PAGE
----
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Smart cards pay for Net access

A European telecom giant experiments with Newtons and mobile phones to connect to the Net, using smart cards to pay for the service.

A multinational European telecommunications giant is launching a smart card payment trial using Apple Computer's Newtons and mobile telephones to connect to the Internet with a mobile phone network.

Smart cards will be used to pay for the service in the trial. Users will also be able to buy services and information from the Net with the smart cards.

Unisource, a joint venture of the national telephone systems in Netherlands, Sweden, Switzerland, and Spain, is using the Global System for Mobile Communications network in the trial, which is focused mainly in the Netherlands and the United Kingdom.

"By using the instant settlement feature of smart card technology, we enable a simple pay-as-you-go service," said Julian Wilson, the Unisource director who initiated the new service. "This network of cash registers and ATMs on the Internet offers our customers a very low-cost, flexible billing system and the consumer a far greater choice for less commitment."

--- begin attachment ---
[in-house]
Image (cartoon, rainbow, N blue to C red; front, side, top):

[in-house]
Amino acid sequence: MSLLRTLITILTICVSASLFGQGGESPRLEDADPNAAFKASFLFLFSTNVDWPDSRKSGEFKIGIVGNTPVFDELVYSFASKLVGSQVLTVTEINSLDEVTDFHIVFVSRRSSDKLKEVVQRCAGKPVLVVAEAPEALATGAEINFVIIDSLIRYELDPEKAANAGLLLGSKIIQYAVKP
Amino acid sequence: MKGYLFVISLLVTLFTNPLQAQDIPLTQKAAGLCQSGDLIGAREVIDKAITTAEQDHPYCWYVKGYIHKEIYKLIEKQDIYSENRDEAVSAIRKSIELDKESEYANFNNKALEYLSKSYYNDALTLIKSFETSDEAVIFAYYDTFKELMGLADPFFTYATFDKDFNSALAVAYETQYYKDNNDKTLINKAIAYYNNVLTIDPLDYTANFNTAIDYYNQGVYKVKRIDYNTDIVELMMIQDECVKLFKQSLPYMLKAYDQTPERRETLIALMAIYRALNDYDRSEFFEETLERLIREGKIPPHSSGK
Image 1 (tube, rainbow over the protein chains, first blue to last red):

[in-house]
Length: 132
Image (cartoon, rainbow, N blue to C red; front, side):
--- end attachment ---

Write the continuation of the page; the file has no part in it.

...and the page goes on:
Smart or chip cards--plates the size of credit cards with embedded chips--are far more popular in Europe than in the United States. Europeans commonly use "stored value" on smart cards as an alternative to cash to make purchases.

Unisource is positioning the trial as an alternative to subscriptions to an ISP for online access. Users will be able to log on to the Net wherever they have Global System service, a widely used standard in Europe.

For example, customers and employees of Dutch airport Schiphol can check flight information on a Web server. In Britain, a Web site for Time Out magazine will sell information on restaurants and entertainment.

Payments are made by inserting a Mondex card into an Apple Newton MessagePad 2000 handheld device that runs a Web browser and e-commerce protocols from Unisource. Participants will be able to load money onto their Mondex cards with their bank account through the Internet.

Nokia Mobile Phones, a major Finnish manufacturer, will support the Unisource protocols in its Nokia 9000 Communicator, and those phones will be added to the pilot this year. The trial will involve employees of Apple, Mondex, and Unisource.